At the end of a good season Kent's batsmen should have been ashamed of themselves. After captain Matthew Fleming had decided to bat, on what admittedly looked like a bowlers' morning, they were all out before lunch and only just managed to reach a hundred thanks to a last-wicket stand of 35.
The pitches at the St Lawrence Ground this year have been excellent and although 13 wickets fell in the day, it is the batsmen rather than the groundsman who will have to answer the awkward questions. There was some early moisture but nothing worse than that as pitch inspector Raman Subba Row will have confirmed.
In the second over, David Fulton, so prolific earlier in the summer, survived a half-chance to second slip. Then, to the next ball he tried an extravagant forcing stroke off the back foot at John Blain and was caught behind. Four runs later Ed Smith played an absurdly airy cut, also off Blain, and was similarly caught by wicketkeeper David Ripley.
At the same score, Rob Key had his leg stump removed by Paul Taylor's in-swing. Paul Nixon helped take the Kent total to 34 when he was trapped by a ball from Blain which left him and was caught behind. Four runs later, Mark Ealham drove at Blain and was brilliantly caught low, left-handed by Russell Warren in the gully.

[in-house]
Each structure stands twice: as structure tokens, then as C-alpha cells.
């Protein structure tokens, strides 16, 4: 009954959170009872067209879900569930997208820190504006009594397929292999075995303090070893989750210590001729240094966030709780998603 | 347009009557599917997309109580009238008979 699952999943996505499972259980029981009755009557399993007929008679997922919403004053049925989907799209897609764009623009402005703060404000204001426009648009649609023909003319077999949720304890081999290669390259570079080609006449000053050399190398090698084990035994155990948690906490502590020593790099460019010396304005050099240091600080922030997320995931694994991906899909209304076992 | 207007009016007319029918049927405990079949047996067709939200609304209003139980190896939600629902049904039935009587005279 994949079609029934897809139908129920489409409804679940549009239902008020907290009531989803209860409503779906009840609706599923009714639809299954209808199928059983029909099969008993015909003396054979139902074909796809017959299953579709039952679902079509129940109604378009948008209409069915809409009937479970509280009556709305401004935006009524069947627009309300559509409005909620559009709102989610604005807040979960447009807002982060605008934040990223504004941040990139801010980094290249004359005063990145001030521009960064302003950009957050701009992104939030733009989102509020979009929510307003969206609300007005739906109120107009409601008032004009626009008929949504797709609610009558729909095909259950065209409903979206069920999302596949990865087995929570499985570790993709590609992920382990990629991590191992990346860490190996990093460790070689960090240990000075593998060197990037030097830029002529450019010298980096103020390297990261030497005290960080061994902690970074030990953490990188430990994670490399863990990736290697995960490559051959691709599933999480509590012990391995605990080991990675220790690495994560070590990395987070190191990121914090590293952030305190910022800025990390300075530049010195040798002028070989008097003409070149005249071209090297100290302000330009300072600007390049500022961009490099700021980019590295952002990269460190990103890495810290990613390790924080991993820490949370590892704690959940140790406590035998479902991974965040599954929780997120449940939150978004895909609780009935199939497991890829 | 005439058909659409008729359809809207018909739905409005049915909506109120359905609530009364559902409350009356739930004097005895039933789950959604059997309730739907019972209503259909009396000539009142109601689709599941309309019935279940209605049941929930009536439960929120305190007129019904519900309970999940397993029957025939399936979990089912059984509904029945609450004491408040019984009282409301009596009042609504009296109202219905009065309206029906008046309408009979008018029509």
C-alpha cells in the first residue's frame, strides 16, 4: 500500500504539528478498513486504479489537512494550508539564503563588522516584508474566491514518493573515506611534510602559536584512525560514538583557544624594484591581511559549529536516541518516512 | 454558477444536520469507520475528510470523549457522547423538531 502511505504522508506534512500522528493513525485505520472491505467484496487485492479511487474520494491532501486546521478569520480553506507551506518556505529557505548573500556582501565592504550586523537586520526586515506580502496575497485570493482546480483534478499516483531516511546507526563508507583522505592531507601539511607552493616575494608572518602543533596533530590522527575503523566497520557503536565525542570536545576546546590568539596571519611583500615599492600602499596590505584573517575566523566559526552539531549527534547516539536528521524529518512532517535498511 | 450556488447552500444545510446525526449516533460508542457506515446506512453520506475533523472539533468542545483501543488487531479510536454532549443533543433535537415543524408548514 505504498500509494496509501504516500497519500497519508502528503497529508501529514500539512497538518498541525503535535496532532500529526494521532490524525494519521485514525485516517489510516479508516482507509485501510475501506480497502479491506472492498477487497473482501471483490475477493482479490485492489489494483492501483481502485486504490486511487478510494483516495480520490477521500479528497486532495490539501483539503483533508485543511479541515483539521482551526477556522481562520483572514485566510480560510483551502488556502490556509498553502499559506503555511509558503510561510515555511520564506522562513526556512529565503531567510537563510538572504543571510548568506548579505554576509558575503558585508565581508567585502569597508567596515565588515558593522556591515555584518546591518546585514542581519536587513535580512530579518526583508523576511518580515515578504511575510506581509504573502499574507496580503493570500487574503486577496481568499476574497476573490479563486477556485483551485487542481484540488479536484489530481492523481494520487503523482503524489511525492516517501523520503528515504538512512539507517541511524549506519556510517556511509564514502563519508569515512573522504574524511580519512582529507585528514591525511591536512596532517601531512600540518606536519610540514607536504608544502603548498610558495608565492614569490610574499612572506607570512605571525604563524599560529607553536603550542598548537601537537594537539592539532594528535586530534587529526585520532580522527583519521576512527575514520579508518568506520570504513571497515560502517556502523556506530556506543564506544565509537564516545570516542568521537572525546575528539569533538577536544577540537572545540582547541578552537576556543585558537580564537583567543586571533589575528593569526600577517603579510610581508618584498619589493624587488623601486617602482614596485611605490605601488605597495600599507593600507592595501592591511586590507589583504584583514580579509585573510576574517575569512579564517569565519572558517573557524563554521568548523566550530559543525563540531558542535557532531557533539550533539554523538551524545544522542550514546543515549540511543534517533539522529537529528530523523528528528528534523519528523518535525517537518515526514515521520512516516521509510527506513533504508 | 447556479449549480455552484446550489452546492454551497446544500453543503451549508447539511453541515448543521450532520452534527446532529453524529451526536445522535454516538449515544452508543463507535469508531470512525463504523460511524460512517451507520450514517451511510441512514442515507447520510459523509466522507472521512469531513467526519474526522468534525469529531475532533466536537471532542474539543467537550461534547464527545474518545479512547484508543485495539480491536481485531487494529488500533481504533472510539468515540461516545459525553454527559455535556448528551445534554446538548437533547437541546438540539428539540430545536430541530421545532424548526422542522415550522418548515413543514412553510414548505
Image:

It seemed just the situation for Fleming. But soon he thrust forward with firm wrists and was snapped up at third slip. Andy Symonds played a couple of powerful strokes before skying a catch on the offside from the leading edge. Martin Saggers then played no stroke at an in-swinger from Taylor which hit his off-stump.
With nine Kent wickets down, Min Patel and Ben Trott finally showed that the pitch was more than manageable. Patel played two on-drives off Blain, while Trott produced the cover drive of his life before eventually edging Tony Penberthy into the slips. Blain finished with a career best 6 for 42.
There was time for Northamptonshire to negotiate two overs before lunch without any problem. They had reached 21 afterwards when Mike Hussey was lbw playing forward to Trott, but Jeff Cook and Alec Swan settled in comfortably enough although half an hour was lost to rain.
Both reached good fifties, Swan in 105 balls with 10 fours and Cook in 95 balls with nine fours, and they had put on 91 when Cook drove wildly at Saggers and was caught behind. The score was 141 when Swan was lbw on the front foot to Ealham by which time Warren was timing the ball well and had found a good partner in Penberthy. They had put on 32 when bad light intervened with 15 overs left.Reuse content